Two Steubenville, Ohio football players who were accused of raping a 16-year-old girl at the start of the school year were found delinquent on all charges against them Sunday by juvenile court judge Tom Lipps. This is equivalent to a guilty verdict in adult court.
Both Trent Mays, 17, and Ma’lik Richmond, 16, will serve time at a juvenile detention facility for a minimum of one year, but can be held until they turn 21, reported NBC’s Ron Allen. The boys will also have to register as sex offenders, although it wasn’t clear if they would have to continue to register that way past their release from juvenile detention.
Mays, who was also found guilty of distributing a nude picture of a minor, will serve an additional year after he completes his rape sentence.
The two teens were found guilty of raping the girl, who prosecutors said was too incapacitated to consent to sex, over several hours as they took the unconscious 16-year-old from party to party while they and their friends texted and took photos of the assault.
In emotional testimony this week, the victim said that she had no memory of the incident and burst into tears when she was shown naked photographs of herself taken on the night of the rape.
The verdict comes after a four-day trial that included graphic eyewitness testimony from friends of Mays and Richardson as well as photos and nearly 400,000 text messages.
Mays and Richardson were both players on the Steubenville High School Big Red football team; a long story about the case published by the New York Times ignited a debate over football, rape culture, and the role of social media in sexual assault cases.
Another crucial moment in the investigation came when KnightSec, a group of hackers affiliated with Anonymous, released the personal information of a number of people connected to the rape case.
Prosecutors reviewed 13 phones, more than 900 video clips, and more than 3,000 phone calls in the course of the investigation, according to Ohio Attorney General Mike DeWine. The victim was “continually re-victimized in the social media,” DeWine said at a press conference following the verdict. He also announced that he was convening a grand jury on or about April 15 to address whether any further criminal charges should be filed.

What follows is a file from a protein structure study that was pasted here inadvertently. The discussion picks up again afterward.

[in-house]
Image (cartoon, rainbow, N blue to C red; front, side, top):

Sexual assault cases are notoriously difficult to prosecute, particularly when alcohol is involved, as was the case in Steubenville. The defense argued that the young woman consented to engage in sexual activity with both boys despite the fact that she was intoxicated, an argument that was undermined by the testimony of three friends of Mays and Richmond.
One admitted to recording a video of an assault that took place while the boys drove between house parties. Another admitted he watched Mays penetrating the girl with his fingers, but that at the time he didn’t try to intervene because he “didn’t know exactly what rape was.”
In text messages, Mays explained that the reason he did not have intercourse with the victim was because she was “barely moving.” He also texted the victim repeatedly in the days following the assault to find out if she was going to report it to authorities.
Attorney General DeWine, a Republican, spoke about the need to raise awareness of what constitutes sexual assault. “This is not just a Steubenville problem,” DeWine said. “This is a nationwide problem…We as a society have an obligation to educate our young people about rape.”